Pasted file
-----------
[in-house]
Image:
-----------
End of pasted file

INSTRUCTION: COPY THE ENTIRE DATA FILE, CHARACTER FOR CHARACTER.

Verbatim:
[in-house]
Image: